37 cooks, coffee marinated pork, cold weather comfort food, comfort food, lock-n-load java, pork

Task Force Zulu: Operation Cochon

The latest sponsor for 37 Cooks was Lock-n-Load Java, a veteran owned coffee company that was more than generous with sending us out our choice of samples. Before I made the ‘Charlie Don’t Surf’ cupcakes, I brined a lovely pork roast with some of their single origin Costa Rican ‘Task Force Zulu’ roast for over 24 hours and it paid off with a richly flavored, tender roast. Saddled up with some all day braised collards and a batch of mac-n-cheese and it was a smile worthy meal.  

Task Force Zulu: Operation Cochon
by Shannon T

1 cup strong brewed Lock-n-Load Java’s Task Force Zulu—Single Origin Costa Rica coffee, cooled
½ cup molasses

¼ cup maple syrup
2 Tablespoons apple cider vinegar
1 Tablespoon Dijon mustard
2 cloves garlic, minced
Kosher salt and freshly ground pepper
1/2 teaspoon ground ginger
6 to 8 sprigs fresh thyme
1 ¾ pound pork loin roast, twine removed

Combine the coffee, molasses, vinegar, mustard, garlic, 1 teaspoon of salt, 1/2 teaspoon of pepper, the ginger, thyme and pork chops in a 1-gallon zip-top bag; seal and shake to combine. Marinate in the refrigerator for at least 8 hours (I kept it in for 24).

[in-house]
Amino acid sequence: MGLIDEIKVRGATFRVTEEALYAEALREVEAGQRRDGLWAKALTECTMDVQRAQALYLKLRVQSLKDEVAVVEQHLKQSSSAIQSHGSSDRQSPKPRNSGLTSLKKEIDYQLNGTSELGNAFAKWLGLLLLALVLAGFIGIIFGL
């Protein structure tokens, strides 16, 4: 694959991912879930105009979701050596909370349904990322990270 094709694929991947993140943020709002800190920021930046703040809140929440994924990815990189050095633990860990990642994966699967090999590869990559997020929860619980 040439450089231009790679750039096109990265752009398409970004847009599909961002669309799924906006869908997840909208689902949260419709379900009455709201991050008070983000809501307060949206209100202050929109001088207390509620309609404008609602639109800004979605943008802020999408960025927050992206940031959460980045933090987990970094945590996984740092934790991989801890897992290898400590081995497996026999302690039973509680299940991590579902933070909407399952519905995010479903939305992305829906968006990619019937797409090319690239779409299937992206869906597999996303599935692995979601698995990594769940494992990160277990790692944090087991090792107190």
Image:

Preheat the oven to 350F. Remove the pork from the bag. Strain the marinade into a saucepan; boil gently over medium-high heat, stirring, until reduced to 1/2 cup, 12 to 15 minutes.

Dry the pork loin with paper towels. Heat olive oil in an oven-proof pan until just under smoking. Season the outside of the pork with salt and pepper and sear the pork loin on all sides. Place the pan in the oven and cook until the internal temperature is 150, approximately 50 minutes. Remove the pork from the pan, place on a plate, tented with foil, and let rest for 10-15 minutes. Slice and drizzle the reduced sauce onto the pork. Enjoy.

*Served with garlic and onion sauteed kale and homemade mac ‘n cheese
cold weather comfort food, comfort food, curing what ails you, ME, Pho, Saigon Restuarant Portland, Vietnamese

Seeking Saigon

From the West End to the Eastern Prom and from Commerical Street to Park Avenue, the best of Portland’s dining scene can be found in a condensed space. But, there are some hidden gems that you actually have venture out a bit for, mostly to Forrest Ave. I’m talking Po’ Boys and Pickles, Susan’s Fish and Chips and Saigon Restaurant. They’re all their own representation of comfort food and are all restaurants that The Missus and I love not only for their charm, but for their delicious, and ridiculously inexpensive food.

A recent trip to Saigon was purely for the comfort factor. After an exceedingly stressful ending to the day, I wanted nothing more than to hunker over one of their sizable bowls of Pho (make no mistake, they are serving up the best in Portland) and be soothed by the warming blends of spices in their broth.